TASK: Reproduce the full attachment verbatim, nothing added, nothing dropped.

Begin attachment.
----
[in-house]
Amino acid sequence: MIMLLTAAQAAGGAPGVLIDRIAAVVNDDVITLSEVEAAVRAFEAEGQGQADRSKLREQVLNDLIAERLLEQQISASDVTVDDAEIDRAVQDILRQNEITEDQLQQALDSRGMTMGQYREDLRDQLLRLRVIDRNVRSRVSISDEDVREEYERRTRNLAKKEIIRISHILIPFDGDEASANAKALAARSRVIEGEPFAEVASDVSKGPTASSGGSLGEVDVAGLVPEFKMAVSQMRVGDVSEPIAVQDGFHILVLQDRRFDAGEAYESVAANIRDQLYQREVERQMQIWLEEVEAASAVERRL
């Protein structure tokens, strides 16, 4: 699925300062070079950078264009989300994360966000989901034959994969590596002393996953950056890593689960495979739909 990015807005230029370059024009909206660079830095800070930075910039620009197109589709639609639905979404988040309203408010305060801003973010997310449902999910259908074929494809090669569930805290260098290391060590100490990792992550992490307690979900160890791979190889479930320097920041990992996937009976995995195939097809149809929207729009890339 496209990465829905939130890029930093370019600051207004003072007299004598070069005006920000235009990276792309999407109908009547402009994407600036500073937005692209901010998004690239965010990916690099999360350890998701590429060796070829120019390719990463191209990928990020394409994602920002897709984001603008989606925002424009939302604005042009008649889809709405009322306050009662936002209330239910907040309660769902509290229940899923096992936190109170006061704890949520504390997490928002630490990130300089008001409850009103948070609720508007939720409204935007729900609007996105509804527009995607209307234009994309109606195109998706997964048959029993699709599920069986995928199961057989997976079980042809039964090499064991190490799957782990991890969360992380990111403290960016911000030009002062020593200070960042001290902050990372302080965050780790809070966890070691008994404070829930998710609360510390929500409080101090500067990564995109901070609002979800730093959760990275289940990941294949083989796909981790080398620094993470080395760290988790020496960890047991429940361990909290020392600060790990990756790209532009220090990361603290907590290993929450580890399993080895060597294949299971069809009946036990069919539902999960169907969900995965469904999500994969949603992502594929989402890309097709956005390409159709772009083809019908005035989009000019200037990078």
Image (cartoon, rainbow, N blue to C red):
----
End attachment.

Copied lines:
[in-house]
Amino acid sequence: MIMLLTAAQAAGGAPGVLIDRIAAVVNDDVITLSEVEAAVRAFEAEGQGQADRSKLREQVLNDLIAERLLEQQISASDVTVDDAEIDRAVQDILRQNEITEDQLQQALDSRGMTMGQYREDLRDQLLRLRVIDRNVRSRVSISDEDVREEYERRTRNLAKKEIIRISHILIPFDGDEASANAKALAARSRVIEGEPFAEVASDVSKGPTASSGGSLGEVDVAGLVPEFKMAVSQMRVGDVSEPIAVQDGFHILVLQDRRFDAGEAYESVAANIRDQLYQREVERQMQIWLEEVEAASAVERRL
């Protein structure tokens, strides 16, 4: 699925300062070079950078264009989300994360966000989901034959994969590596002393996953950056890593689960495979739909 990015807005230029370059024009909206660079830095800070930075910039620009197109589709639609639905979404988040309203408010305060801003973010997310449902999910259908074929494809090669569930805290260098290391060590100490990792992550992490307690979900160890791979190889479930320097920041990992996937009976995995195939097809149809929207729009890339 496209990465829905939130890029930093370019600051207004003072007299004598070069005006920000235009990276792309999407109908009547402009994407600036500073937005692209901010998004690239965010990916690099999360350890998701590429060796070829120019390719990463191209990928990020394409994602920002897709984001603008989606925002424009939302604005042009008649889809709405009322306050009662936002209330239910907040309660769902509290229940899923096992936190109170006061704890949520504390997490928002630490990130300089008001409850009103948070609720508007939720409204935007729900609007996105509804527009995607209307234009994309109606195109998706997964048959029993699709599920069986995928199961057989997976079980042809039964090499064991190490799957782990991890969360992380990111403290960016911000030009002062020593200070960042001290902050990372302080965050780790809070966890070691008994404070829930998710609360510390929500409080101090500067990564995109901070609002979800730093959760990275289940990941294949083989796909981790080398620094993470080395760290988790020496960890047991429940361990909290020392600060790990990756790209532009220090990361603290907590290993929450580890399993080895060597294949299971069809009946036990069919539902999960169907969900995965469904999500994969949603992502594929989402890309097709956005390409159709772009083809019908005035989009000019200037990078």
Image (cartoon, rainbow, N blue to C red):